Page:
What is Giardia?
Written by Dr. Chris Huth
Giardiasis is an intestinal disease caused by the parasite Giardia canis. Giardiasis usually affects dogs but can occur in ther species. Giardia has zooinotic potential, meaning it can also infect humans. The most common way humans contract Giardia is from drinking contaminated water (ie-creek, rivers or lakes).
For most of this parasites life, it lives in the intestine of an affected animal. The parasite forms a hard cyst that gets passed in feces and is thus spread into the environment.
Diarrhea, severe or mild, is most common sign of giardiasis. The diarrhea can be either intermittent or chronic. Typically there is a high volume of diarrhea with soft, almost frothy, mucous stools. Weight loss can also occur. The infection is diagnosed with a fecal examination or a Giardia-specific ELISA test. Both tests can be run at San Juan Veterinary Hospital. A positive test, in the absence of clinical signs can mean that giardiasis is likely involved, so treatment should be administered.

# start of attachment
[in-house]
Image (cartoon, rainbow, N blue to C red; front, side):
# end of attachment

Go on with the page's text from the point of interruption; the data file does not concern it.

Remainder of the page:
Drugs used to eliminate the parasite include metronidazole and fenbendazole. The choice of drug, the dose, and the length of treatment, will depend on the severity of the infection, the reproductive status of the animal, and the size of the animal. If the pet is severely dehydrated from he diarrhea, fluid therapy may be necessary.
Most pets don't become seriously ill because of Giardia, so the prognosis is slmost always good. However, if a pet has some underlying disease, particularly one that compromises the immune system, giardiasis can cause a more serious infection.
There is a vaccine on the market for Giardia, however this vaccine does not prevent infections. The purpose of the vaccine is to reduce shedding of the cysts. Currently, the American Animal Hospital Association guidelines list the vaccine as "not recommended".
If you have any questions regarding giardiasis, please call our office and speak to a veterinarian.